Anyhow, the potential reuse in agronomic practices should satisfy specific legal requirements. Clearly, the recovered compounds must not contain hazardous elements able to produce environmental impacts or human health damage. The EU Fertilizing Products Regulation ((EU) 2019/1009) [43], in the case of inorganic macronutrient fertilizers, establishes threshold values for the following elements: Cd (60 mg/kgP2O5), Cr6+ (2 mg/kgdry matter), Hg (1 mg/kgdry matter), Ni (100 mg/kgdry matter), Pb (120 mg/kgdry matter), As (40 mg/kgdry matter), C2H5N3O2 (12 mg/kgdry matter), ClO4 (50 mg/kgdry matter), Cu (600 mg/kgdry matter) and (1500 mg/kgdry matter). In addition to these limits, a fertilizer containing more than 1% by mass of organic carbon shall meet requirements for pathogens [43]. Similarly, the legal regulations in other countries fix limits for heavy metals and organic micropollutants [31][44]. Therefore, it is essential to recover a precipitate characterized by limited amounts of hazardous elements. In this regard, struvite has been shown to be characterized by a low content of heavy metals and dangerous micropollutants, such as PCBs [31][45].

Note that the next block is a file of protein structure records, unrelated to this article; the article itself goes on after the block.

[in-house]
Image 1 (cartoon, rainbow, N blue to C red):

Several studies were carried out to evaluate the effects on plant growth using struvite recovered from wastewater as a fertilizer [32][46][47][45]. Struvite was tested as a slow-release fertilizer in pot plants, vegetable crops, ornamental plants, turf grass, and field crops [48]. El-Diwani et al. [49] conducted a comparative study on broad bean growth rate using a commercial fertilizer and struvite recovered from the treatment of industrial wastewater. In particular, the study compared the broad bean growth in absence of fertilizers with struvite and using a mixture of pure fertilizing compounds. The struvite was dosed at a rate of 2%, whereas, in the sample with pure compounds, nitrogen, phosphorus, and potassium were applied at a rate of 20, 50, and 40 mg/Kgsoil as ammonium nitrate, superphosphate, and potassium sulphate, respectively. The results of plant growth tests showed that the application of struvite increased the fresh and dry weight of broad bean plants at different stages of growth.